New theatre company Ramblinman state that their very ethos is to tell stories. Thus, it is fitting that True West, a story essentially about telling stories, is their debut production. Indeed, Sam Shephard’s play could almost be a treatise on the art of writing itself-the instinctive and primal versus the intellectual and rational. Siding with Austin’s exactitude over Lee’s passion is all a matter of personal taste.
Lee and Austin are two very different types of brothers. Lee is a screaming headache of a man who bullies people into believing he’s interesting, whilst Austin is a nervous Ivy-Leaguer with an aptitude for words. Into their already fractured lives enters television producer Saul, sleazier than a used-car salesman and twice as oily, who promises them the Hollywood equivalent of the sun, moon and stars for individual scripts. Saul praises Austin’s intelligence, whilst simultaneously celebrating Lee’s grittiness and self proclaimed ‘real life experience.’ What develops is a frequently hilarious reversal of fortune as the brothers explore their own limitations.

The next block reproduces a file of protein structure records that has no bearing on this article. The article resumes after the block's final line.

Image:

A Sam Shephard script is never an easy task. Physically demanding with language that often leans heavily on lyricism, evoking Shephard’s west is generally a lot more difficult than sticking on a Stetson and shouting ‘Yee-ha.’ Luckily, the young cast of True West handle it with aplomb. Jamie O’Neill as Austin is fantastically contained, gently conveying his seething jealousy at Lee’s ‘grab everything you can get and go’ lifestyle. Cillian O’ Gairbhi as Lee is louder, more imposing but no less in impressive in depicting his character’s nuances. Essentially a two-hander, both actors create enough chemistry to suggest underneath a certain violence, there may be a slight glimmer of fraternal love. Roger Gregg as Saul is so slimly convincing that when he sells dreams, it’s rather hard not to buy them. The direction is capably handled, the restricted space adding to, and not taking away from, the tension of the piece. The set is wonderfully meticulous, as rich and detailed as Shephard’s language. As the play slides into absurdity, it maintains its clever and frantic energy until the bitter denouement.
Ramblinman theatre company have seemingly sprung from nowhere, fully-formed, onto the Irish theatre scene. To quote Lee, ‘There’s other people got ideas too, ya know.’ Ramblinman have proved not only have they got ideas, but the skill and talent to execute them properly.